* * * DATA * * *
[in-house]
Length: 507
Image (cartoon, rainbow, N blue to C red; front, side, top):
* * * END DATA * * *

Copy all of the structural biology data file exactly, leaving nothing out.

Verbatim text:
[in-house]
Length: 507
Image (cartoon, rainbow, N blue to C red; front, side, top):